30 November 2008

Satnavs and human behaviour

This weekends' FT Magazine includes an article on the impact of satnav devices (apparently in the UK 35% of vehicles have either built in or portable satnavs, more than anywhere else in Europe, more even than the 33% in Japan). The article includes some incredible (literally) reports of peoples' dogged adherence to their satnav's instructions, even when it leads them on to a level crossing or through an impassable ford.

The FT asks why people ignore external cues (signs saying a ford is too deep, the look and feel of a level crossing gate) to follow their satnav's instructions (especially when drivers are so ready to dispute navigators' instructions). Tom Stewart of Systems Concepts comments that people become fixed in a pattern of behaviour, following the satnav's instructions to extremes; he makes a parallel with people's use of calculators for simple sums. There may be something in this but I also think there is an element of drivers over-estimating their safety once cocooned in their cars, similar to the (not undisputed) effect wearing seatbelts has on the safety of drivers' behaviour.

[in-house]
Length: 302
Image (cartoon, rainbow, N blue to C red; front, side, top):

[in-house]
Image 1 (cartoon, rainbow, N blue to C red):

No comments:

Post a Comment